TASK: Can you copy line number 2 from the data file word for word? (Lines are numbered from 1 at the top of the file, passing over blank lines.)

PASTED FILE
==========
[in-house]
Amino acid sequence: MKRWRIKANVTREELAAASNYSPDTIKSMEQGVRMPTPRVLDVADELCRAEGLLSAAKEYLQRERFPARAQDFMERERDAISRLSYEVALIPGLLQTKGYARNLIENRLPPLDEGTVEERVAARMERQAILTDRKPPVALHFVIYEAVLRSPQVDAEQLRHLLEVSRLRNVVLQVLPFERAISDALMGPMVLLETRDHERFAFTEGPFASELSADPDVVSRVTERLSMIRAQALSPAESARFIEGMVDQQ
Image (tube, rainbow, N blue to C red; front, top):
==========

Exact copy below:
Amino acid sequence: MKRWRIKANVTREELAAASNYSPDTIKSMEQGVRMPTPRVLDVADELCRAEGLLSAAKEYLQRERFPARAQDFMERERDAISRLSYEVALIPGLLQTKGYARNLIENRLPPLDEGTVEERVAARMERQAILTDRKPPVALHFVIYEAVLRSPQVDAEQLRHLLEVSRLRNVVLQVLPFERAISDALMGPMVLLETRDHERFAFTEGPFASELSADPDVVSRVTERLSMIRAQALSPAESARFIEGMVDQQ